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Thanks to NASA help: South Korea’s first lunar orbiter should finally start in 2022

Thanks to NASA help: South Korea's first lunar orbiter should finally start in 2022

South Korea’s lunar orbiter is almost ready and should finally start in a year, thanks in part to the help of the US space agency NASA. The South Korean Ministry of Science announced this on Monday, reports the Korea Times, among others. After a precision camera from the USA had been connected to the device, the lunar probe should be ready in October. This will be followed by extensive tests before the Korea Pathfinder Lunar Orbiter (KPLO) is then launched in August 2022 with a SpaceX rocket. The orbiter should then explore the moon for at least a year.

The KPLO is South Korea’s first moon mission, the start was actually planned for December 2018. The later planned date for this year could not be kept either. Now people in Seoul are confident that the time will finally come in 2022. With the lunar probe, South Korea wants to prove that the fourth largest Asian economy can at least keep up with the pioneers Japan, China and India. The Ministry of Research gave according to the reports now also announced that NASA has promised further support, including with regard to navigation and communication with the orbiter.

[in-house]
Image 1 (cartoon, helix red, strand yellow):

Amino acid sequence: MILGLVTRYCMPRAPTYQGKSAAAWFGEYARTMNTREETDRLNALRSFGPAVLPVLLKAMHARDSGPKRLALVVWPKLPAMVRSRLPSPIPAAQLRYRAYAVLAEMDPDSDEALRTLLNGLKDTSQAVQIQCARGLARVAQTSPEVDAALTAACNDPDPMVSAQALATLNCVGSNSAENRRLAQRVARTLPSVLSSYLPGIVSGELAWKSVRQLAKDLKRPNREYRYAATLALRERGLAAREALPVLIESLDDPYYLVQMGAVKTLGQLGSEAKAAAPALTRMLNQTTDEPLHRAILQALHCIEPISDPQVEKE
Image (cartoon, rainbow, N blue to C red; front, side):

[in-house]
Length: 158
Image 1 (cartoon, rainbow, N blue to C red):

In the spring, South Korea signed the Artemis Accords with which NASA is accompanying the program for the manned return to the moon and regulating peaceful exploration and economic development of space. The reports suggest that this step has given the decisive boost to enable preparations to be completed soon. Just a few months ago, the country also presented a model of the first completely self-developed Nuri missile (“누리”, Korean for “world”). It is scheduled to start for the first time this year as part of a test. In the future, South Korea wants to secure a share of the satellite launches business.


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